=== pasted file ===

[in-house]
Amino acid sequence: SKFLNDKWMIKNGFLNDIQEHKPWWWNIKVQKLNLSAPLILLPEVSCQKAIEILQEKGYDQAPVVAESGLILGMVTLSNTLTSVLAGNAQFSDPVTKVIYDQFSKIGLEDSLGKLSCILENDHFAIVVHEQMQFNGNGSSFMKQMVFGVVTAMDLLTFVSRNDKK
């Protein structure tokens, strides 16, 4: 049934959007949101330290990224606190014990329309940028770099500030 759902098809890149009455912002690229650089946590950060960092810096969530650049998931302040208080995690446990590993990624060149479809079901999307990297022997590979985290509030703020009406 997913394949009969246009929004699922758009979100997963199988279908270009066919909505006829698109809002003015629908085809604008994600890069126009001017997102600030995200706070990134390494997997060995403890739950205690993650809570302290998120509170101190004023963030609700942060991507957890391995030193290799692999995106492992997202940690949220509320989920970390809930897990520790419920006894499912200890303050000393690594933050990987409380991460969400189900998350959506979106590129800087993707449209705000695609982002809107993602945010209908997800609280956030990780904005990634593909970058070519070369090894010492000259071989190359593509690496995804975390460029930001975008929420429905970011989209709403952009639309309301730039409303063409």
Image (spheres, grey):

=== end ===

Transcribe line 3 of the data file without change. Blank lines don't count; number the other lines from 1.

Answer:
């Protein structure tokens, strides 16, 4: 049934959007949101330290990224606190014990329309940028770099500030 759902098809890149009455912002690229650089946590950060960092810096969530650049998931302040208080995690446990590993990624060149479809079901999307990297022997590979985290509030703020009406 997913394949009969246009929004699922758009979100997963199988279908270009066919909505006829698109809002003015629908085809604008994600890069126009001017997102600030995200706070990134390494997997060995403890739950205690993650809570302290998120509170101190004023963030609700942060991507957890391995030193290799692999995106492992997202940690949220509320989920970390809930897990520790419920006894499912200890303050000393690594933050990987409380991460969400189900998350959506979106590129800087993707449209705000695609982002809107993602945010209908997800609280956030990780904005990634593909970058070519070369090894010492000259071989190359593509690496995804975390460029930001975008929420429905970011989209709403952009639309309301730039409303063409």